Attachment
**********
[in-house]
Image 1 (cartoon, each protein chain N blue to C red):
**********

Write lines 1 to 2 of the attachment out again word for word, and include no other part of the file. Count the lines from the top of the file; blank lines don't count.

[in-house]
Image 1 (cartoon, each protein chain N blue to C red):